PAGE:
For the final point on “every user deserves our trust and respect,” Miles mentioned a video presentation by Sara Lerén: All-inclusive Design – excluding no gender. Miles added: “the easiest way to do inclusive design is to stop asking about gender.” Lerén takes issue with sites that ask your gender – what do they do with that info? Too often, we don’t know. Miles:

The underlying message is about being smart with the information we ask to collect. Every field that we provide to a user is a barrier we’re throwing up there.

Quick wrap – design-for-security matters also

My only issue with Miles’ talk was one of omission. In today’s environment, certainly at the enterprise level, we have to start designing for exclusion also: exclusion of black hats and bad actors. That means asking the flip of some of these questions, such as how forms could be exploited, if the mobile app password retrieval tool opens up a back door, what data an employee with bad intentions could download, etc. The balance between good user experience and good security design is not an easy one. But it’s a conversation we must have, and designers must equip themselves to be a part of that convo.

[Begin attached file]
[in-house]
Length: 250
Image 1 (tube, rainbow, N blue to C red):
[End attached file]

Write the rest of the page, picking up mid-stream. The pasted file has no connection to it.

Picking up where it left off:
Otherwise, an all around useful talk by Miles, with an approach designers can build on. End note: this article is part of my ongoing diginomica series on Enterprise UX.

Bonus content: my Collision 2016 podcast with Caroline Sinders on designing for content fits in well here.

Image credit - Photo by @juliar, NERD Summit organizing team

Disclosure - I volunteered on some aspects of NERD Summit planning, and moderated a panel at the event.